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The Making of Dragonite


Please note, my husband does all of the wiring and electronics for my sculptures.  This walkthrough focuses on the sculpture side only.  If you are interested in learning more about electronics and LEDs, check out MAKE Magazine and

1.  This is my standard aluminum wire armature.  After I create the armature, my husband wires up the LEDs, power button, and power outlet.  All of the wiring is inside of the box.  The wires are made long enough to run up the armature.  I secure them in place with electrical tape.  This also protects the wires further from moisture and pressure.

2. I use Apoxie Sculpt for my LED sculptures as it is a non-bake clay.  It is also much sturdier than Sculpey.  This is a large figure (10 inches) so I don’t want it to collapse under its own weight.  I start with the legs to secure him to the base and hold up the weight of the rest of the sculpture.  I roughed in he rest of the body with Sculpey to figure out the shapes I wanted before working with the Apoxie.  Apoxie only has a 1-2 hour window before it starts curing.

3. The first light test.  I do these periodically while working on the piece.  Not only do I look at how well the elements themselves are being lit (ie, the the crystals), but I also look at how the light is being cast on the surrounding objects.  I use translucent Premo! clay for the lit elements in my sculptures.  I will often sculpt around the LEDs while they are lit.  It’s like sculpting light, REALLY fun!  The Premo! bits are bake separately and then attached to the main piece using epoxy glue.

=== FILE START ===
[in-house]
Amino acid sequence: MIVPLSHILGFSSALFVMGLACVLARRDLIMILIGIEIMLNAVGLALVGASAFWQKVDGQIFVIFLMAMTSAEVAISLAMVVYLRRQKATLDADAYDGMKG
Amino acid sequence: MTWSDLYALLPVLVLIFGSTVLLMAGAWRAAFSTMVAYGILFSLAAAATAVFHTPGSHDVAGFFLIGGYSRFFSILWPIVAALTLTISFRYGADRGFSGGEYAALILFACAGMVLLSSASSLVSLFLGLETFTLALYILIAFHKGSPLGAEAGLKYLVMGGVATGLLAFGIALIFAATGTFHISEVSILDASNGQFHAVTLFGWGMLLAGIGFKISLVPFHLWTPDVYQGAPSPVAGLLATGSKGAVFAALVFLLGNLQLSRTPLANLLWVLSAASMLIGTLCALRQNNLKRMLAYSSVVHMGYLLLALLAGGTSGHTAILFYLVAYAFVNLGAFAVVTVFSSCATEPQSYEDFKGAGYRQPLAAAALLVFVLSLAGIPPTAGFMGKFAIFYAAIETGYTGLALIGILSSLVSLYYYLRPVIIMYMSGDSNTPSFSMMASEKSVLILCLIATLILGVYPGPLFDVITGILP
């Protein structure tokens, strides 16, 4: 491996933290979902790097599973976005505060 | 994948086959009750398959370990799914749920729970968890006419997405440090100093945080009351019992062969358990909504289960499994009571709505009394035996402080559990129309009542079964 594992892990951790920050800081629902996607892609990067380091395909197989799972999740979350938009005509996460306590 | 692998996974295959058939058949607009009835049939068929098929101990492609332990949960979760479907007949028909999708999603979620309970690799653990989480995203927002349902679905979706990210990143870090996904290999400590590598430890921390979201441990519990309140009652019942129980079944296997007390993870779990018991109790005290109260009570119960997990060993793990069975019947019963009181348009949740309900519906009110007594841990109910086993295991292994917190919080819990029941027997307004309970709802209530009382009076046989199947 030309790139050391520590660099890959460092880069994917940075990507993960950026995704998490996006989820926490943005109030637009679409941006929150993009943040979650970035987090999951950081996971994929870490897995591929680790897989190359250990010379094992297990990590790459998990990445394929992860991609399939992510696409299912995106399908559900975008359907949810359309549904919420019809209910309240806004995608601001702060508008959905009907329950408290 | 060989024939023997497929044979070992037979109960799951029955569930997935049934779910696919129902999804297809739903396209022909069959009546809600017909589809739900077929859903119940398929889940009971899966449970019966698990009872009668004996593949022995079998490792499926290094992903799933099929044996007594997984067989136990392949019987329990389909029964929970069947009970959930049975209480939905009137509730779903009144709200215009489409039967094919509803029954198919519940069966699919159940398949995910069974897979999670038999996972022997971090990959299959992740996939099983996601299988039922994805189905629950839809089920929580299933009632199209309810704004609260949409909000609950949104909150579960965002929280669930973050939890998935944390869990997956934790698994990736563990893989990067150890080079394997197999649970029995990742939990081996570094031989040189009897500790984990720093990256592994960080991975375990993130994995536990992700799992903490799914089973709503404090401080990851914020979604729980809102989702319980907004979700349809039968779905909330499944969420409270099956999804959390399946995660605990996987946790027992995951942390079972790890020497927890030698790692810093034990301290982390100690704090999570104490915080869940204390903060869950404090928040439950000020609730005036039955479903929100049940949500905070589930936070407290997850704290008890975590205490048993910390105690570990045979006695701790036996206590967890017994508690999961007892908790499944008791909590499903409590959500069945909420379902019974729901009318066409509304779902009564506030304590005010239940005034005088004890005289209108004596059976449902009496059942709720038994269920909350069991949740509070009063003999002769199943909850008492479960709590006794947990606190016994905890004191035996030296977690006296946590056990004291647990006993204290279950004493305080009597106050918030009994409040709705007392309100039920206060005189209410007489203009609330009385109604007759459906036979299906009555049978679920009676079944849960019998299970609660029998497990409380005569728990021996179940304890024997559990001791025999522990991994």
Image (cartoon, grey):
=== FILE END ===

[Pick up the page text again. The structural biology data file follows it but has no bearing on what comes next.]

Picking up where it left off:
4.  Lots of work between the last step and this one!  Dragonite is now all sculpted, sanded, and primed.  My sanding process is 180 grit sand paper, 220 grit sanding pads, and steel wool for finishing.  I use Plastikote sandable primer.  I use the steel wool a second time to get rid of any grittiness left behind by the primer.

5. When priming a sculpture like this, you must take care to protect the areas that won’t be painted.  I use blue painters tape to cover the crystals and a crumpled piece of foil to mask the hyper beam.  All the smaller non-lit crystals were glued on after priming.

6. The hyper beam was the trickiest part of this piece.  Spheres are difficult when they are being LED lit as there has to be a place for the LEDs to be inserted.  But you also want to keep the integrity of the shape.  I did this by creating about 3/4 of the sphere in Premo!  I baked that, glued it in place, and created the back of the sphere with Apoxie Sculpt.  I then painted the back to match the color of the Premo!  I tried to minimize the connection point as the sphere is supposed to be floating.  But the support rod in the mouth is necessary to run the wiring to the sphere.

7. The orange took a number of layers to build up before it became opaque.  Multiple THIN layers are the best way of keeping the paint smooth and even.  I use Krylon matte spray varnish to seal everything.  Delta Ceramcoat Gloss was used on the crystals, eyes and hyper beam.  I used some semi-gloss on the belly scales for a little bit of texture contrast.

See more photos of the finished piece :

Commission : Dragonite by emilySculpts


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